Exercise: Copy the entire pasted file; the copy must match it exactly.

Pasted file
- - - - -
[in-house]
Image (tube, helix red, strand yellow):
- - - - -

[in-house]
Image (tube, helix red, strand yellow):